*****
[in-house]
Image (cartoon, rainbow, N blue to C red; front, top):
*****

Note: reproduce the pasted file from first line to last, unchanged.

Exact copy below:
[in-house]
Image (cartoon, rainbow, N blue to C red; front, top):